Why are pop music fans so obsessed with metrics?

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Flora is an avid K-pop stan, but her love of pop music started with One Direction. With a decade under her belt – a decade marked by seismic changes in the marketing and consumption of music – she has seen huge changes in the way artists are supported by their most loyal fans.[Since] I was a director when I was a teenager, Stan’s culture turned heavily to numbers, ”explains Flora. “It’s just a lot more programmatic and formalized. “

Fans have been debating sales numbers and radio plays since the dawn of pop music, but social media and easy access to all kinds of data has allowed this aspect of the fandom to gain momentum like never before. “Streaming is rigidly planned, which causes enormous pressure within these subcultures,” says Flora. “I’ve seen all kinds of weird behavior being encouraged; skipping school on the day you go out, stealing parents’ devices to broadcast.” Whether it’s Swifties and Livies teaming up to make fun Billie Eilish stans for his latest album under-sale, the backlash that ensues whenever a popular artist is awarded a Fork ranking below ‘7’, or the popularity of Twitter accounts like ‘Graph data ‘ (currently at over a million subscribers), metrics are an important part of how fans talk – and argue – with each other about music. It would be easy to dismiss this fixation with data as proof that “it’s not really about the music”, but that wouldn’t be an entirely fair assessment.

“Fans have always been invested in the chart war – where there are a few artists fighting to reach number one – and have always wanted their artist to thrive,” said Hannah Ewens, author of Fangirls: Scenes from Modern Musical Culture, “But the reader they’re showing now has a different flavor.” For today’s stans, being interested in metrics is more than a passive process: in other words, they don’t just observe the figures and put down roots for their artist to succeed, but actively seek to transform them. Sometimes known as ‘graphics manipulation’, it’s often referred to as the digital trend, and it’s true that social media has made it easier by allowing fans to coordinate their efforts like never before. But this tactic actually has a long history: Prior to the ’90s (which saw the introduction of a computerized system), music charts were extremely unreliable. They depended entirely on reports from record store employees who could be, and often were, bribed by record companies to artificially boost sales figures (according to one New York Times 1996 report, these employees were often paid with “free albums, concert tickets, and even vacations and washing machines” – it’s hard to imagine the cash-strapped music industry engaging in any big deal. such hi-jinks today.) These strategies were driven by record companies, rather than fans, and they started to slow down as computer systems got more sophisticated.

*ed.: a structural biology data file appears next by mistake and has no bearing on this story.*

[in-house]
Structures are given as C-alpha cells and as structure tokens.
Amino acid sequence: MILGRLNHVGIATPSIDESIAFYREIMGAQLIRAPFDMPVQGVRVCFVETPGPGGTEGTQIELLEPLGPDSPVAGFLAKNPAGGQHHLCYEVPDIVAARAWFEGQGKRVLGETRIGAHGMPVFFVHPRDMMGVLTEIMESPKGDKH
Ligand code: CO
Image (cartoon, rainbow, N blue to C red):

“Before the 1990s, which saw the introduction of a computerized system, music charts were extremely unreliable. They depended entirely on reports from record store employees who could be, and often were, bribed. “

The introduction of streaming at the end of the 2000s, however, made it possible to democratize this process. For the first time, music fans had the power to influence chart positions beyond the expensive tactic of going to a Virgin Megastore and buying tons of CDs. Over the past decade, this practice – sometimes referred to as “usurpation” – has grown tremendously. “The Stans themselves have so much power to manipulate the cards today,” explains Hannah. “It’s common behavior to sit down and stream endless songs on different devices and buy multiple bundles of merchandise that count towards sales. Other tactics deployed by fans include using VPNs (virtual private networks) to simulate their location and organizing in online communities to stream at the most optimal times. Some fandoms have even organized donation campaigns to help their less affluent members afford premium streaming services. While this is goal-oriented rather than purely altruistic (the ultimate goal is to boost the numbers), it’s still pretty sweet.